rm (E) ran r The displacement current ﬂows between the conductors through an imaginary
cylindrical surface of length l and radius r. The current ﬂowing from the outer
conductor to the inner conductor along ——x" crosses surface S where S = —i"21trl.
Hence,
—8
[d = 5% .s = 4% sin(1201tt)) (—f2an) = 1.15 x 10‘8 x1201: x 21tlcos(1201tt)
= 1.63 cos(1201tt) (11A). Alternatively, since the coaxial capacitor is lossless, its displacement current has to
be equal to the conduction current ﬂowing through the wires connected to the voltage
sources. The capacitance of a coaxial capacitor is given by (4.116) as _21tel
c_ln(). hlb‘ The current is W 211:8!
I=C—=
m mm a [1201: x 100cos(1201tt)] = 1.63cos(1201tt) (,uA), which is the same answer we obtained before. lemmew»! = —r9 x 8.85 ><10‘12 x 1443 sin(120m‘) , l /// "I C *7 I l
1 An electromagnetic wave propagating in seawater has an electric
ﬁeld with :1 time variation given by E = iEocosrm‘. If the permittivity of water is
I 8180 and its conductivity is 4 (S/m), ﬁnd the ratio of the magnitudes of the conduction canent density to displacement current density at each of the following frequencies:
(a) 1 kHz, (b) 1 MHz. (c) 1 GHz, (d) 100 GHz. Solution: the displacement current density is given by
a a
= —D = ——E
3“ a: 88:
and, the conduction current is J = 0E. Converting to phasors and 'I taking the ratio of the magnitudes,
j _ GE _ 0'
3d (0580 . (a)Atf= 1 kHz, to: 21cx 103 rad/seand 4
=——————=88 13,
21rx 103x81x8.854x1012 8* 0 l
Jd The displacement current is negligible.
(b)Atf= 1 MHz. (0: 21tx 106 rad/s, and an I
T; The displacement current is practically negligible.
(c)Atf= 1 GHz,(o= 21rx109rad/s,and 4 = _—_= 88.
21!:x10ls x 81 x 8.854 x 1012 8 4 2 21: x 109 x 81 x 8.854 x 10—12 : 0'888' i
1. Neither the displacement current nor the conduction current are negligible.
(d) Atf: lOOGHz, a): 21: x10”rad/s, and 3 4 3
~— _—_ ———————_— = . 8 10" .
1d 2nx1011x81x8854xio12 88 X
The conduction current is practically negligible.
@ At t = 0, charge density pvo was introduced into the interior of a material with a relative permittivity e, = 480. If at t = 1 us the charge density has
dissipated down to 10‘3pvo, what is the conductivity of the material? Solution: We start by ﬁnd 1.: mm = pvoe‘m', Of _6
10—3on = one—lo m,
which gives
0—6
rum3 = —1 ,
Tr
OI' ' 6
10‘ _
1,: —ln10_3 = 1.45x 10 7 (8). But 1, = 2/6 = 480/0“. Hence
450 4 x 8.854 ><10“2 62—: t 145Xm_7 =2.44x1o“ (S/m).
, . If the current density in a conducting medium is given by “LEEt) =  + izx>COS (DI, determine the corresponding charge distribution pv(x, y,z;t). Solution: .
VJ = 33%. (6)
t
The divergence OM is
A 3 . a A a . . 2 A
V J_l(x§;+ya—y+za—) (L—y3y +z2x)cosu)t
a a
= —3— 'cosmt = —6 coscut
ayo ) y Using this result in Eq. (6) and then integrating both sides with respect to t gives pV= —/(VJ)dt= —/ —6ycosa)tdt= 66ysinmtlCO, where Co isaconstant of integration. . ' '________,_‘__,_, ._ .. t . g V ___ _ ﬁe“‘éie¢:ﬁc ﬁeld of an electromagnetic wave prooagatingin air is :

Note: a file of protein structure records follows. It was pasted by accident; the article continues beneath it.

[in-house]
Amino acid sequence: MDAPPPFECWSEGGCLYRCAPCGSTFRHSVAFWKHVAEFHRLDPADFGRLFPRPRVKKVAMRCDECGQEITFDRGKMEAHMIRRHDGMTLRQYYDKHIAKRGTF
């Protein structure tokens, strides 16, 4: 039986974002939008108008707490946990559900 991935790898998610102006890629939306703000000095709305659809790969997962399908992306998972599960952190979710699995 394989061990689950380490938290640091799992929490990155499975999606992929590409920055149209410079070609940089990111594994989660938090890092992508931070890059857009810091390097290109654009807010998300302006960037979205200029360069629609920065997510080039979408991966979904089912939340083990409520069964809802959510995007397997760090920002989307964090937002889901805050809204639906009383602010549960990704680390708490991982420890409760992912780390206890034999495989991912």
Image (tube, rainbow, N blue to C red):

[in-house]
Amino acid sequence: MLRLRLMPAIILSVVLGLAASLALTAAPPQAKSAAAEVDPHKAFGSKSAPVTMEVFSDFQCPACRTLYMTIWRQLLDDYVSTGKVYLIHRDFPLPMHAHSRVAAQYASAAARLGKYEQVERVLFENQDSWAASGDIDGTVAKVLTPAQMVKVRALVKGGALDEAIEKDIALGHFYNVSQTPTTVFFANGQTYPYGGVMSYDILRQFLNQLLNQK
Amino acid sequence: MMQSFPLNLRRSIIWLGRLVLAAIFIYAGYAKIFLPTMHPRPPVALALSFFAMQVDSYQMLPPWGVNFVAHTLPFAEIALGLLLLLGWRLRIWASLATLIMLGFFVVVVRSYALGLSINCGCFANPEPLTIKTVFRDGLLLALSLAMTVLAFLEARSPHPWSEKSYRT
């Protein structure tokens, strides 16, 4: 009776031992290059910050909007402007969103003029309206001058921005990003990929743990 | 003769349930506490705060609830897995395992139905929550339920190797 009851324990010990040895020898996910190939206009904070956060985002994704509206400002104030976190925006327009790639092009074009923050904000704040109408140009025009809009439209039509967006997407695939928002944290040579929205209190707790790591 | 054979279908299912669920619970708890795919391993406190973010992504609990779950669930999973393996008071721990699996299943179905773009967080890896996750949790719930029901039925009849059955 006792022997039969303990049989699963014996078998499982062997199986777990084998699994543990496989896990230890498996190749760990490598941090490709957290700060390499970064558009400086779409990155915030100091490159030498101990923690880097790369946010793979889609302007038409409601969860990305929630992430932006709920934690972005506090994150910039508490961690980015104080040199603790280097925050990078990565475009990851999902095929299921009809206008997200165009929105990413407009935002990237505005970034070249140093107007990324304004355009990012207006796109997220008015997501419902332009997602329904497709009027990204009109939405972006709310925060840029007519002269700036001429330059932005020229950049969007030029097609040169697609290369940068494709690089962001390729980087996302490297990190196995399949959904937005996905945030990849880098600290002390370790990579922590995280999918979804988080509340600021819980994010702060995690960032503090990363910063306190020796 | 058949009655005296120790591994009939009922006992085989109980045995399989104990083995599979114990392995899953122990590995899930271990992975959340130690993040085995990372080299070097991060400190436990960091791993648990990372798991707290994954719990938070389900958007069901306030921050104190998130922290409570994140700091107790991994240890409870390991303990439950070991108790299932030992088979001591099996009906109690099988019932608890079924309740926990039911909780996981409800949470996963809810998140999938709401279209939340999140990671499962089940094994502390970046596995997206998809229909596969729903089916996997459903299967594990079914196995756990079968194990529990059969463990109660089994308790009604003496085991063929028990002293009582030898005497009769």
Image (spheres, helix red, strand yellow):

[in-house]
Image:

given by
E(z,t) = R4cos(6 x 108: — 2z) + 5'3sin(6 x 103: — 22) (Win). Find the associated magnetic ﬁeld H(z,t). Solution: Converting to phasor form, the electric ﬁeld is given by ' Em = sate121 — meg1'21 (V/m), H(z) = _ VxE . I 2‘ 1 i y 2
_—.— a/ax a/ay a/az
‘1‘” 4w?! j3eﬁz o
1
J'(Dt1 (ﬁée'nz — §j8e'ﬂz) — 6x108 x41cx10—7
Converting back to instantaneous values, this is H(t,z) = —i8.0sin(6 x 108: — 22) + 910.6cos(6 x103t— Zz) (mA/m). ' j (:26 — way1'22 .—_ Jameﬁx + muse12" (mA/m). @ i L2 0 = O is given by The magnetic ﬁeld in a dielectric material with e = 450, u : no. and 4 H(y,t) = :25 cos(21t x 107t+ky) (A/m).
Find k and the associated electric ﬁeld E. Solution: In phasor form, the magnetic ﬁeld is given by fl = :‘(Seﬂ‘y (A/m). which, together with the original phasor expression for f1, implies that 7 4
wﬁ_2nx10ﬂ n (rad/m). have”: c f 3x103 ~30 Inserting this value in the expression for E above, ~ . 4"/30 I '4 /3o _ A '4 /3o 2
E = ‘12:: x 107 x 4 x 8.854x10’125ej “y “ “294161 U (Wm ____ The electric ﬁeld radiated by a dipole antenna is givenin“!
spherical coordinates by . . ' ' .2" 102 E(R,9;t)=9 x sine cos(61: x 108: — 21tR) (V/m). Find H(R,6; t).
Solution: Converting to‘phasor form, the electric ﬁeld is given by .2x102 17:(R,e) = éEe = a sin eeW (V/m), which can be used to ﬁnd the magnetic ﬁeld: I ~ 1 ' ..
H(R,9) = _jwuVXE= [RRsine ad, +¢Ea7é(RE9)] :¢6EX108X4EX10'7 . 3 i
=¢§Esin8e"2"k (uA/m). Converting back to instantaneous value, this is H(R,e;t) = $ 51—: sinecos(6n x108t— 21:12) (uA/m). at the internal dimension of a coaxial capacitor be a = 1.2 cm, b = 4 cm, and l = 40 cm. l The homogeneous material inside the capacitor has the parameters 6 =.10‘11 F / m, a = 105
3/111, and cr = 10—5 S/rn. If the electric ﬁeld intensity is E =t(106/p) cos(lO5t)ap V/rn, ﬁnd: a) J: Use _
‘ J = 0E = cos(105t)ap A/In2 b) the total conduction current, Ia, through the capacitor: Have Ic = f/J  d5 = 27rle = 207rlcos(105t) = 871' cos(105t) A c) the total displacement current, Id, through the capacitor: First ﬁnd
105 1 11 6 I ' _'
——————( X 0 )(10 ) sin(105t)ap = —£ sin(10°t) A/m l